A PR rep who is among the first Google Explorers has created a 3D-printed shade for Google Glass that makes it easier to read — and much less obvious to observers.
Without the shade, Glass was difficult to read outdoors.
“I realized pretty quickly that the Glass prism projects transparent graphics, which are heavily and easily diluted against sunlight,” Chris Barrett of PRServe says. “Outdoors, I found myself frequently using my thumb to cover the back of the prism, to provide the necessary contrast I needed to see Glass clearly. Indoors, I caught myself turning away from windows and staring at walls, just to see what I was doing.”
(Touching the prism might be one reason why Google Glass is breaking down so frequently.)
To fix the problem, Barrett told me via e-mail, he designed a tiny cover for the prism part of Google Glass where messages actually show up in your visual field. He worked with a 3D printing studio in Philadelphia to develop and print a prototype, which he’s been using since September, and today he’s releasing the code for “Sunshade 1.0” so anyone can print their own shade for Google Glass, almost for free.
Yes, physical objects can now be expressed in code, in an STL, Collada, or X3D file, and in case you’re wondering what it looks like, it’s not nearly as exciting as it sounds.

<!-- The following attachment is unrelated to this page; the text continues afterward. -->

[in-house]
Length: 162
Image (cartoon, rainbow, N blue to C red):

Here’s a sample:
Not only does SunShade allow Google Glass to function properly in full sun, it also has another side-benefit, especially for those who don’t have a lot of time to answer questions from curious strangers.
“Sunshade allows me to use Google Glass … in public without people knowing I’m using Glass,” Barrett says. “When I first received Glass … people would notice the prism’s light and frequently stop me to ask questions. Sometimes it’s fun to chat with strangers, but [many] other times it’s not. Sunshade conceals Glass’ light, so now, when I’m wearing Glass in public, I attract a lot less attention.”
That’s a double benefit: Your boss won’t notice you’re checking email while he’s pontificating about the government shutdown, and your significant other won’t suspect your are secretly surfing Google+ notifications while you’re supposed to be deeply engrossed in a conversation “about our relationship.”
Barrett has open-sourced the code for SunShade, and currently it can be printed at ShapeWays for a ridiculously cheap $2.54.
“I believe that, when Google Glass is finally released to the public, Sunshades will be as popular as Ray-Bans,” Barrett says.